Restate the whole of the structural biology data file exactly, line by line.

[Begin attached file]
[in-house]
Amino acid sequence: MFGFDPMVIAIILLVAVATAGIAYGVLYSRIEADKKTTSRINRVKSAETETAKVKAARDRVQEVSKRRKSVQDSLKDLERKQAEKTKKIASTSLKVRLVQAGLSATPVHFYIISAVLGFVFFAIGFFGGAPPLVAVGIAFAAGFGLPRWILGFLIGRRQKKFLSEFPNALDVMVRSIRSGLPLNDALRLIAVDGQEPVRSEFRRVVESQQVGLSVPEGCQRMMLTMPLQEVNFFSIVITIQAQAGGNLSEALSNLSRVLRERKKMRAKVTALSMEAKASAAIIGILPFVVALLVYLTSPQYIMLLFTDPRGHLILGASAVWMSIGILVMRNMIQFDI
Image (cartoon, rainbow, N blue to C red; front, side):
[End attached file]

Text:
[in-house]
Amino acid sequence: MFGFDPMVIAIILLVAVATAGIAYGVLYSRIEADKKTTSRINRVKSAETETAKVKAARDRVQEVSKRRKSVQDSLKDLERKQAEKTKKIASTSLKVRLVQAGLSATPVHFYIISAVLGFVFFAIGFFGGAPPLVAVGIAFAAGFGLPRWILGFLIGRRQKKFLSEFPNALDVMVRSIRSGLPLNDALRLIAVDGQEPVRSEFRRVVESQQVGLSVPEGCQRMMLTMPLQEVNFFSIVITIQAQAGGNLSEALSNLSRVLRERKKMRAKVTALSMEAKASAAIIGILPFVVALLVYLTSPQYIMLLFTDPRGHLILGASAVWMSIGILVMRNMIQFDI
Image (cartoon, rainbow, N blue to C red; front, side):